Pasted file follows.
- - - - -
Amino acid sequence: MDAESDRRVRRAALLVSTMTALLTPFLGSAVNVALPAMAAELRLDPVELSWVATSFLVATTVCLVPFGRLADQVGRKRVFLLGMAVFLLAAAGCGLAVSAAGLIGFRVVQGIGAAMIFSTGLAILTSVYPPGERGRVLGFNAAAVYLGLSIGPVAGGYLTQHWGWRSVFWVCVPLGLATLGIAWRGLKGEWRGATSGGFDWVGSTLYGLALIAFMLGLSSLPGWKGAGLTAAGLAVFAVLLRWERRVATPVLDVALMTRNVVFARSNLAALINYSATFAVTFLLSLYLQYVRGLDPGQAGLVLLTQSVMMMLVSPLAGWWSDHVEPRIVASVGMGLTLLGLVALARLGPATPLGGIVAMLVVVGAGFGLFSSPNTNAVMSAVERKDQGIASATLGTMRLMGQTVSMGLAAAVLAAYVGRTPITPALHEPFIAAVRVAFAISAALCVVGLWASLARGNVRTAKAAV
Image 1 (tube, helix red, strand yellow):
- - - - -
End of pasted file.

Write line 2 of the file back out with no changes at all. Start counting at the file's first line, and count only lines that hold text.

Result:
Image 1 (tube, helix red, strand yellow):